Making the bold claim to being the “guardians of the truth” and “defenders of the lake”, a web site entitled Lake Watchdogs has created a buzz in the recent school board election saying $1 million was "looted from the teachers insurance fund" in 2007.
School officials are refuting that claim.
The Lake Watchdogs site has been critical of the school district and its administrators. The site contains numerous claims of mismanagement and wrongdoing at the school district. Perhaps most notably, it claims that in 2007, $1 million was “looted from the teachers insurance fund to help pay for equipment.”
Proclaiming that only one side of the story is told at the lake, Lake Watchdogs says it represents “concerned citizens who commit to tell you what is really going on at the Lake of the Ozarks.”
In the past few weeks, the site has posted writings and links that have supported current board member Jim Besancenez and school board candidate Darin Keim in their election run for the school board. School board member Laura Martin has had her writings posted on the site as well as providing a link to Lake Watchdogs on her site.
Lake Watchdogs also contains information opposing economic enterprise zones and changes to the land use codes. These issues have been topics of heated discussion in Camden County.
It is, however, the post alleging that $1 million was "looted" by the school board that has raised the ire of some school district officials.
These posts have upset current and past board and administration members who say that the web site distorts facts and often writes fiction.
"That portrayal of stealing from the teachers' fund is so wrong," School Board President Nancy Masterson said. Masterson has been on the board for 15 years. She said if it was a true mismanagement of funds that it would not have gone unnoticed for this long.
Masterson said she felt these allegations were only surfacing now to create distractions just days before the election.
Camdenton Superintendent Tim Hadfield said the transfer took place prior to him officially working for the district but he was at the meeting where it was discussed familiarizing himself with the district.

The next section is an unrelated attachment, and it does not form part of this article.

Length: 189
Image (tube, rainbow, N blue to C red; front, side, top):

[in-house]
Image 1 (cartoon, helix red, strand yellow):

"To my knowledge, that decision was researched and since that time I've checked with the Department of Elementary and Secondary Education and the Missouri Department of Education and the movement of those funds are completely allowable." he said. "The money was not looted."
Jackie Schulte, a current board member who was not serving at the time, said she is very concerned that an anonymous blogger can give half of a story with the sole purpose to "create turmoil and fear within our community."
Page 2 of 2 - "I want the patrons to remember just because it is written in a blog doesn't make it a fact. I am concerned that the truth isn’t getting out and the trusting public will believe the lies being told by someone who will not step out into the sunshine," she said. "Our blogging board members like to link their readers to the Lake Watchdog website so I ask, Where is the transparency?"
The publisher(s) of the website have remained a mystery. However, the display name "Lake Watch Dogs" has been used by Macks Creek resident and Lake Area Conservative Club member Stacy Shore in 2009 on her Concerned Camdenton Parents web site. The site was very vocal in its protest to the implementation of a math program at the Camdenton School District. Shore also used the display name “Lake Watch Dogs” in at least two of her personal web sites and to post information on a school board candidates website during the 2009 campaign. Shore has been recently seen at planning and zoning meetings voicing her opposition to proposed changes to the land use rules and regulations in Camden County.
Shore did not return phone calls or messages.
Views and postings on the Lake Watchdogs website mirror the philosophy and opinions of the Lake Area Conservative Club, an organization that was founded several years ago as a result of the Tea Party movement. One of the founders of the LACC and now Camden County Commissioner Cliff Luber said that he knew the identity of publisher(s) of Lake Watchdogs. However, Luber said that he would not disclose who was involved with the web site. He indicated that those involved did not want to be identified until after the April election.
Luber disavowed any association with the site and said that none of the board members of LACC were involved with Lake Watchdogs.